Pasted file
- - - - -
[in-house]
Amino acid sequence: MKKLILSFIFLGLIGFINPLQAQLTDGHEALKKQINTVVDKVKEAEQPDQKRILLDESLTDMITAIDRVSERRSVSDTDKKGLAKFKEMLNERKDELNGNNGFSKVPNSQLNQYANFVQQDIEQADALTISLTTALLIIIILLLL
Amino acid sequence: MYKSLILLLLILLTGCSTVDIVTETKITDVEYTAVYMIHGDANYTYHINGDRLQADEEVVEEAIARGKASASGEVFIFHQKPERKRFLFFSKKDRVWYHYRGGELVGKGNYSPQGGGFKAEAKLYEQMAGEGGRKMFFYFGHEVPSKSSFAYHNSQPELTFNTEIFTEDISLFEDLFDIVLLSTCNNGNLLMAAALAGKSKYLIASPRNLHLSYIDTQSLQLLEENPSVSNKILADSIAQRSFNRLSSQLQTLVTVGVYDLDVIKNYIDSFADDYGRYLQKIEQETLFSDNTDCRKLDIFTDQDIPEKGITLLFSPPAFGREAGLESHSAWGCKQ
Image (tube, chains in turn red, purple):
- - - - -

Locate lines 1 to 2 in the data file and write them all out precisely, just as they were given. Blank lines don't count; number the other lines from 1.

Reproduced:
[in-house]
Amino acid sequence: MKKLILSFIFLGLIGFINPLQAQLTDGHEALKKQINTVVDKVKEAEQPDQKRILLDESLTDMITAIDRVSERRSVSDTDKKGLAKFKEMLNERKDELNGNNGFSKVPNSQLNQYANFVQQDIEQADALTISLTTALLIIIILLLL